SA Home affairs minister Aaron Motsoaledi

SA sees red over bogus foreigner marriages

SOUTH AFRICA (SA)’s Home Affairs minister, Aaron Motsoaledi wants foreign pastors banned from officiating nuptials in SA as part of new rules to stamp out fraudulent marriages that he says are used to bypass immigration laws.

This proposal is one of a raft of new changes being made to the regulatory framework by home affairs, which are due to be published for public comment before a law is passed to close the gaps in the current legislation.
The changes would also see issues relating to marriage split from immigration affairs.
Motsoaledi said in the current immigration law, the fastest and easiest of the route to get permanent residency and citizenship is through marriage to a South African.
He said fraudulent marriages by foreigners were a big problem that his department encountered every year, with more than
2 000 of them reported and that 99 percent of these were driven by a motive to get SA citizenship.
He said in some instances pastors are brought in from another country to get people married in SA and thereafter return to their home country.
“In our new draft Marriage Amendment Bill that we will soon take out to the public, we no longer allow anybody from any place that is not from SA [to do that]…we want to put it in the law that we can only recognise your marriage and give you a certificate if a priest who married you is a South African or by a home affairs official.
“There are many of the pastors … when we tried to contact them, they would be gone.,” Motsoaledi said.
“We are talking about a priest who is just visiting solely to conduct a fraudulent marriage, not a priest with permanent SA residential status. We can’t allow them any more.”
The proposed changes in the legislation are in line with the ANC December conference resolutions, which Motsoaledi said recommended an overhaul of the Citizenship Act of 1995, Refugee Act of 1998 and Immigration Act of 2002.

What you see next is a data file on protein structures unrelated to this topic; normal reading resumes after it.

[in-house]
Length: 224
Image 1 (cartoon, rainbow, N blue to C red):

The party said acquisition of citizenship through marriage must be abolished in the new policy framework. It said if a South African citizen marries a foreign national, their rights and consequences thereof should be governed by other laws such as the Marriages Act, and the Children’s Act and that this should not be linked to immigration law.
“The ANC is saying marriage must only be for love and not for any other motive.
“If your motive is to get citizenship papers, then it means there is something wrong because it means there are many women who get stranded out there as they believe they are loved, not knowing that nobody loves them, they only want to get access to identity papers.” he said.
He said the ease at which SA citizenship was obtained through marriage had led to a perverse incentive, a new field of marriage not for love but to get [an identity document].
“It is like somebody saying they want to marry a girl to get riches from her father, and you get married to her knowing you don’t love her, but you are targeting riches.
“In this case they are targeting documentation, the citizenship of SA.” he said.
Asked how the department would determine who was getting married for convenience and who was doing it for love, Motsoaledi said: “You wouldn’t be able to know.
“But if you make marriage an incentive for papers then you are opening up women for abuse. But if a guy gets married knowing they won’t get papers, then they are marrying for love.”
He said the biggest number of fraudulent marriages were transactional, where two people are aware they are marrying each other for convenience, and do a transaction.
“Recently, a young girl from a Limpopo village got married to a man from Pakistan whom she doesn’t know.
“We sent officials to that village to investigate, and the friend told us she is lying, they agreed to marry these guys for money,” he added.
“But the friend started to love the Pakistani husband and keep the marriage, but her friend did not love hers, and she was lying about the marriage.
“We had to tell her to go to court and explain to a judge why she wanted to terminate the marriage.”
According to the minister, the department had taken steps to prevent marriage fraud being committed by its employees.
These included the use of the biometric system to track who registered the marriage in the system and issued the documents.
He said no criminal cases had been opened against people who are involved in the fraudulent marriages. — SowetanLIVE
SA sees red over bogus foreigner mar

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